Across these literatures, similarity-enhancement effects (or their absence) have played a role in arguments about (a) the mechanisms underpinning repetitiveness and (b) what the nature of those mechanisms tells us about the architecture of the linguistic system. Branigan et al. (Reference Branigan, Pickering and Cleland2000), for example, took the lexical boost they detected as evidence for the equivalence of production-to-production and comprehension-to-production priming, which in turn served as evidence for models of sentence processing that share some syntactic representations (such as a lemma stratum) across comprehension and production. When Tamminga (Reference Tamminga2016) found that persistence was modulated by morphological similarity and lexical repetition between prime and target, she suggested it may point to distinct repetitiveness mechanisms operating differently on variables with different grammatical loci (following Pickering & Ferreira, Reference Pickering and Ferreira2008), such that familiar sociolinguistic variables like (ING) might be better analyzed as comprising “sets of distinct probabilistic processes that produce similar surface outcomes” (Tamminga, Reference Tamminga2016:349). Nielsen (Reference Nielsen2011) argued that the generalization of phonetic imitation across phonemes was evidence for a subphonemic level of phonological representation, while the lack of a lexical-repetition effect failed to support a key prediction of exemplar theoretic models of phonology.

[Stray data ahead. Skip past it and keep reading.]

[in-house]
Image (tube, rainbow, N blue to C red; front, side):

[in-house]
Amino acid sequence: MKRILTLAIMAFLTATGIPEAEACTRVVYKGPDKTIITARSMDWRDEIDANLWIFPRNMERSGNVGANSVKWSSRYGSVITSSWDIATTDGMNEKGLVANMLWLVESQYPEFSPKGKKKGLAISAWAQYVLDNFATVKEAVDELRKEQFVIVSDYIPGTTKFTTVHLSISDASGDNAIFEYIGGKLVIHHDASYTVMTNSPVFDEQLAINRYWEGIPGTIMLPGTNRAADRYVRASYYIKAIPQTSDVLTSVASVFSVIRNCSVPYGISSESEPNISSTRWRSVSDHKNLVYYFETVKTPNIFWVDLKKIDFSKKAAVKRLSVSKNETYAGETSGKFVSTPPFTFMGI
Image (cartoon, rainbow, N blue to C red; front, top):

To recap, both persistence and convergence are often stronger when prime and target are more similar. In some cases, persistence may even be absent for maximally distinct contexts, which could point to a lack of representational identity between those contexts (Pickering & Ferreira, Reference Pickering and Ferreira2008; Tamminga, Reference Tamminga2016). Further, the specific ways in which linguistic similarity shapes repetitiveness, in both the lab and conversational speech, have been taken as key evidence about the properties of the linguistic system.